The same happened (with weaker peaks and drops) at the surface:

        https://drive.google.com/file/d/1BEj60d0jVS51gDbSzBMhNvuP_14I3Wey/view

        Why do you expect from the global temperatures to reach the level of the last ENSO peak in 2016 faster than they did in the same time after the ENSO peak in 1998?

        Here are graphs showing you how similar the post-ENSO periods are for 1997-2001 vs. 2015-2019:

        – UAH: https://drive.google.com/file/d/1y1zmzMt_1gD5jxCOH13UVYvbocYulbNz/view
        – JMA: https://drive.google.com/file/d/1B1fmSRnfC_TIRUYI6eQs2JeSFRHxhXqL/view

        You very probably would have told us the same ‘global warming is decelerating’ in 2001.

        Now: wether or not there is any climate emergency, that is something I don’t know enough to confirm or infirm. I have NO idea!

        ¡Feliz Navidad!

        J.-P. D.

        • What are you telling us here?

          Velocity is defined as the rate of change of position with respect to time. Average velocity is :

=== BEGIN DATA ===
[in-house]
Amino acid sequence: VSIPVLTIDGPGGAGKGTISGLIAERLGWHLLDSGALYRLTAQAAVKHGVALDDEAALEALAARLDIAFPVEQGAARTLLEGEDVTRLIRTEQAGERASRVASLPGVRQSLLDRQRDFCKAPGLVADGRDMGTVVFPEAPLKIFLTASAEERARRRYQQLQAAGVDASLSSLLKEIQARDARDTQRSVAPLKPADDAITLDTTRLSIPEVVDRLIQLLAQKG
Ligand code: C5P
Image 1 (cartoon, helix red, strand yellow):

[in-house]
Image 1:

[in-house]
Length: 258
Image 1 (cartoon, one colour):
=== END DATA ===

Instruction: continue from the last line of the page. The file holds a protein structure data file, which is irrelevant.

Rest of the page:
v = Δx/Δt
          In the same way average velocity of warming can be defined as ΔT/Δt
          Subtracting a monthly temperature value from the following gives you ΔT/month, it represents the velocity of warming in °C/month. The data is too noisy. Obtain a 15-year average (181 month) as a centered moving average. It shows a decreasing trend since the mid 90s.

          There is no way to go wrong with this. Nothing is incorrect in that analysis. The velocity of warming is falling.

          No polynomial fit is necessary. Obtain a linear trend for the 15-yr averaged values since 1995 and it is decreasing.

          This 15-yr averaged velocity of warming shows the correct phase shift with respect to the temperature change oscillation as identified by Schlesinger & Ramankutty in their 1994 article using detrended global data.

          https://i.imgur.com/vqBSLC0.png

          It is real, it is in the data. The velocity of warming is falling, the warming is stalling, and in the future it may even become cooling if the velocity of warming turns negative.

          • Javier,
            I have followed your approach and can fit the monthly temperature data using a
            combination of quadratic plus a 67 year periodic oscillation (the best fit to the period according to a Fourier transform of the smoothed data). This does give a decreasing amount of global warming but extrapolating the fit into the future shows that at no point
            does it the warming rate become negative (i.e. cooling) and in fact the rate of warming starts increasing again in the future (not surprising given the quadratic fit).